15. April 2015 · Comments Off on Five Questions With Lost Dominion’s Paul Gordon · Categories: Feature Films, Five Questions with..., Ottawa · Tags: , , , , , ,
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Paul Gordon

Photo of Paul Gordon by Dale Gervis

Skip Tracer is a film with a great mix of hard boiled noir, dunked with social commentary, mixed with a tax shelter vibe”, Paul Gordon, Lost Dominion Screenings Collective Programmer tells Ottawa Indie Fest when we recently caught up with him.

Set on the mean streets of Vancouver in the late 1970s, Skip Tracer is a free-wheeling private detective story with the twist that the detective is a loan agency‚Äôs debt collector hunting down ‚Äėskips‚Äô who have stopped repaying their loans.

Prior to the film’s screening at the ByTowne Cinema on April 21st, Paul tells us what he personally likes about the film and about the newly minted digital version of the film.

Why did you decide to screen Skip Tracer as part of Lost Dominion’s on-going series of film screenings?

Skip Tracer is a¬†personal favorite that we discovered¬†back around 2006 from the great website www.canuxploitation.com (Your Complete Guide to Canadian B-Film). In 2010, we played a 16mm print of the film during our first Canadian Cult Revue season at the Mayfair Theatre. Back then we were doing double bills and the film played after John Paizs’s Crime Wave. Five years later we figured it was time to bring it back.

What is the significance of this film and why should people see this film?

Well it was shot in Vancouver in a time when not a lot of features let alone Canadian features were being produced and shot there. Vancouver in the 70’s was nothing like it is today. This was also director’s Zale Dalen’s first feature. The film is a great mix of hard boiled noir, dunked with social commentary, mixed with a tax shelter vibe.

Skip Tracer

Productions stills from “Skip Tracer”

What was involved in obtaining a new 4K digital transfer of the film?

Library and Archives Canada (LAC) luckily has a 35mm preservation master print of the film in their vaults at the Gatineau Preservation Centre. The film was actually shot on 16mm but 35mm blowups were created for festival runs and distribution. 4K was not really our call. LAC will scan 16mm at 2K and 35mm at 4K for preservation purposes. So when we asked for a exhibition copy they did the scan at 4K.

LAC has a top of the line film scanner that can scan 35mm film at 4K at 15 frames per second and 2K at real time. The scanner also has a sound head that can record the optical soundtrack creating a 24 bit broadcast Wav file.¬†Not a lot of “Restoration” was really needed for this release as the original print was in very good condition and had not faded. Now of course, it would have been great to have go from the original camera neg “OCN” or a Interneg or Interpos but unfortunately all we had was a single 35mm release print.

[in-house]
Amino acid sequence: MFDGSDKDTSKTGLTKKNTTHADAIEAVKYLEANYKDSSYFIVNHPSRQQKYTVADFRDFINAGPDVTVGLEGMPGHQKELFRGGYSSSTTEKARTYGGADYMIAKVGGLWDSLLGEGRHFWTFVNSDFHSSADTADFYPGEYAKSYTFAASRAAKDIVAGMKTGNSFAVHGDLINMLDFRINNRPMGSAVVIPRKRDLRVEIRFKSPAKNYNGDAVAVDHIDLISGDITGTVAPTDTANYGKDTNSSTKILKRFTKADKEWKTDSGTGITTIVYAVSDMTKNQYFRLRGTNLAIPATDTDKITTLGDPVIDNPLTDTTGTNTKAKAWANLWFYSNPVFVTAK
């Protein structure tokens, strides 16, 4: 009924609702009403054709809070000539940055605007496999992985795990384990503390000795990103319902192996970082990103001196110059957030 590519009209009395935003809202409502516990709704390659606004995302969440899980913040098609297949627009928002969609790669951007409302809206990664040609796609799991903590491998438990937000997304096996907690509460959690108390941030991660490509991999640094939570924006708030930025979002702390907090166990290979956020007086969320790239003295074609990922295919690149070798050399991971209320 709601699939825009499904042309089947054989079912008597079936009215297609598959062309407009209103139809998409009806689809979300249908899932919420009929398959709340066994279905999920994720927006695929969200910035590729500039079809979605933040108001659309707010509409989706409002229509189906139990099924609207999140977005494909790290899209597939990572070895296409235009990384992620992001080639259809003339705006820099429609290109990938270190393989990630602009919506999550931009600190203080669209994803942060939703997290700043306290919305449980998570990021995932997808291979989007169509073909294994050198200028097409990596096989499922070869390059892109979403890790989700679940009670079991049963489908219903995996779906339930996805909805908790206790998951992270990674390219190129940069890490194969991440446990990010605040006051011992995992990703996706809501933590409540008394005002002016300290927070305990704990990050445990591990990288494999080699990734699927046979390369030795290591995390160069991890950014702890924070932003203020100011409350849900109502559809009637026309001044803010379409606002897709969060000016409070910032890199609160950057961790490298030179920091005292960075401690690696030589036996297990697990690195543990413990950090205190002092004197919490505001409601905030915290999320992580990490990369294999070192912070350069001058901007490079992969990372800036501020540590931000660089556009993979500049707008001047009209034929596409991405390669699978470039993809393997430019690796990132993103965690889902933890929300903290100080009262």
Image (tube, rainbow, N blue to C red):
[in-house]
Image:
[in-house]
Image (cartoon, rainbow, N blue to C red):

More could have been done to restore and fix some minor issues with the print and most likely LAC will do them in the future. Examples being removing some neg dust, some heavy grain, the film was shot on 16mm and blown up to 35mm¬†so the 16mm film grain¬†structure is heavy at times.¬†Also there are printed in projection cues. One interesting fact is the 35mm print is hard matted to the aspect ratio of 1.85 so either the filmmaker shot it Super 16 or the film was intentionally cropped to the 35mm “Flat” 1.85 standard.

Why is Skip Tracer and other similar Canadian films under appreciated even though they may initially do quite well when first released?

Distribution has always been a issue for independent Canadian films. They may do well in festivals but getting a decent run in a theatre chain is rare. Nowadays there are lots more options, Video On Demand, Netflix, Blu-ray re-releases etc… – in 1977 you had cinemas, and television (before cable TV was even the norm).
This is there anything else that you would like to add about the film, its digital transfer or the screening on April 21st?

Just that the film is worth checking out, its a lost gem that needs that needs to be seen. Hopefully one day it can get released on DVD, Blu-ray or Video On Demand. Also this will probably be the first time since its original release that the film will be shown in shown in its intended aspect ratio on a large screen. All other public screenings have been on faded 16mm prints or old standard definition video transfers.

The Lost Dominion Screening Collective presents Skip Tracer at the ByTowne Cinema on April 21st at 9:15pm. Based on a new 4K scan of an archival print, this will be the best projection of the film since its 1977 debut, and Ottawa audiences will get to see it first.

To learn more about the Lost Dominion Screening Collective and its future screenings and events check out their website.

And check out the two part interview with “Skip Tracer” director Zale R. Dalen in the “Five Questions With” section of our website.

Part 1 Interview and Part 2 Interview

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